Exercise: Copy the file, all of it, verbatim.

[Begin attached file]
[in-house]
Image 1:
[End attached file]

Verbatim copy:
[in-house]
Image 1: